Aging Tech

Meet Emma, The Robot Therapist Who Hits The Spot With Athletes

Emma is a massage therapist who specializes in treating athletes for conditions like tennis elbow, stiff neck, and back pain. She diagnoses her patients as she works, never takes a lunch break, and always remembers exactly what they need.

That’s not what’s special about Emma, though. Emma is short for Expert Manipulative Massage Automation, a prototype robot therapist for sports therapy.

Meet Emma, The Robot Therapist Who Hits The Spot With Athletes


Emma was created by AiTreat, a startup company founded by Nanyang Technological University graduate and licensed Traditional Chinese Medicine (TCM) practitioner Albert Zhang. The robot was developed as a solution to the shortage of licensed therapists in Singapore. Zhang says his goal is not to replace Chinese physiotherapists and physicians, but to assist them in providing more patients with consistently high quality care.

Emma has the possibility to help more than just athletes. Singapore, like the United States and Europe, is home to a rapidly aging population. As a very large demographic continues to age and suffer physical ailments such as arthritis, it is predicted that there will be a lack of medical care for them. Robotic tools such as Emma may allow therapists to treat more patients.

The robot therapist has already successfully treated more than fifty patients in trials at Kin Teck Tong’s Sports Science and Chinese Medicine Clinic. AiTreat plans to loan Emma to other TCM clinics, and is already developing a smaller, more portable version of the robot.

20-year-old Leon Kwek, a basketball player, was one of the patients who received a massage in the clinical trial. He is optimistic about Emma’s potential for helping practitioners treat entire sports teams like his own.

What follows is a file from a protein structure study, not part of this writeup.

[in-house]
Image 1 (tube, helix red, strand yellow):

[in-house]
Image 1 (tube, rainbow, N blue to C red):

It’s a lot of work for our sports trainers if they have to handle all 12 of us coming for treatment,” he said.


Emma has the appearance of a simple robotic arm with a 3D-printed massage tip at the end, but boasts revolutionary proprietary software that allows the robot to monitor treatment.

The robot is also equipped with a 3D stereoscopic camera which lets Emma see the stiffness of muscles and tendons, and record treatment progress. This information can be uploaded to a cloud for therapists to use to refer back to patients and adjust treatment programs.


Emma was developed at NTUitive, the enterprise and innovation arm of Singapore’s Nanyang Technological University, which nurtured AiTreat’s technology. Dr. Lim Jui, CEO of NTUitive, is pleased to see Emma emerging from NTU. He hopes to see many more NTU graduates follow in Zhang’s footsteps.

His optimism is not misplaced. Although the university is young, NTU is already one of the fastest-rising Science, Technology, Engineering and Mathematics universities that exist in the world. In the past two years, it has been ranked number one globally among universities less than 50 years old.

Emma is not the first impressive robot to come out of NTU. Just a few months ago, NTU gave the world a glimpse of Nadine, a friendly robot with artificial intelligence and a human appearance that may potentially be used as a companion.